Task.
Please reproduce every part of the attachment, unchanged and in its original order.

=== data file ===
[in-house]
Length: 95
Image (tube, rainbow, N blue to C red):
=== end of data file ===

[in-house]
Length: 95
Image (tube, rainbow, N blue to C red):